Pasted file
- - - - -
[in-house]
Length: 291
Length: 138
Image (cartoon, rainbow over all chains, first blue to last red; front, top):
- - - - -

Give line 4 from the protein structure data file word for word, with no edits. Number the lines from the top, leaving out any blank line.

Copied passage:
Image (cartoon, rainbow over all chains, first blue to last red; front, top):